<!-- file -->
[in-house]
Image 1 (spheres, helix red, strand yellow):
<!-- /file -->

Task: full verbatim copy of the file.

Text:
[in-house]
Image 1 (spheres, helix red, strand yellow):